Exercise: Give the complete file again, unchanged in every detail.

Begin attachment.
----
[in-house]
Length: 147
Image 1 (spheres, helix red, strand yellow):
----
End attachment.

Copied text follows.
[in-house]
Length: 147
Image 1 (spheres, helix red, strand yellow):